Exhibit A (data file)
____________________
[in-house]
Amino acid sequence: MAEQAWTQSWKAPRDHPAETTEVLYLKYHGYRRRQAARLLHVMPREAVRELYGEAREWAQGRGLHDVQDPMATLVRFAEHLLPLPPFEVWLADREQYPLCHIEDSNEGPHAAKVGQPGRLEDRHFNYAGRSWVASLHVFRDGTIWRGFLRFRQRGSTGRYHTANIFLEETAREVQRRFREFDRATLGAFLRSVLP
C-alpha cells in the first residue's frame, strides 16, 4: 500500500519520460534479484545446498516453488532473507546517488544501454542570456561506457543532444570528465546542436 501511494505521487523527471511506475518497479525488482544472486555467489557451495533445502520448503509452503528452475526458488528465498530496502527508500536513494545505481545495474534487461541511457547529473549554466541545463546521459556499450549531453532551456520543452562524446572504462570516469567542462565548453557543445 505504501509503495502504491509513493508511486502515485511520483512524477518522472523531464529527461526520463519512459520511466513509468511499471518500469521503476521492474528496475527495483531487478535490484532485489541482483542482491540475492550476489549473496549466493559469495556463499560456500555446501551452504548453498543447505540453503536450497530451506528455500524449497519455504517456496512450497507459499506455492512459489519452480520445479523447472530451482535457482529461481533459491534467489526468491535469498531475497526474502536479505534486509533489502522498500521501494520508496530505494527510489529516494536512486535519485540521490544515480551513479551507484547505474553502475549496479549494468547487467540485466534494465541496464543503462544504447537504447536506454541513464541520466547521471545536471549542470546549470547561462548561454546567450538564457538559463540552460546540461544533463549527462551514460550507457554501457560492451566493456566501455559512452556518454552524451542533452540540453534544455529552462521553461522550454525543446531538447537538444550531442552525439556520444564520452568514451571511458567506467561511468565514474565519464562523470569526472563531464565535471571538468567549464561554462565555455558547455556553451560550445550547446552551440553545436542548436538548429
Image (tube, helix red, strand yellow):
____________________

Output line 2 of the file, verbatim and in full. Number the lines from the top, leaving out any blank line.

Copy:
Amino acid sequence: MAEQAWTQSWKAPRDHPAETTEVLYLKYHGYRRRQAARLLHVMPREAVRELYGEAREWAQGRGLHDVQDPMATLVRFAEHLLPLPPFEVWLADREQYPLCHIEDSNEGPHAAKVGQPGRLEDRHFNYAGRSWVASLHVFRDGTIWRGFLRFRQRGSTGRYHTANIFLEETAREVQRRFREFDRATLGAFLRSVLP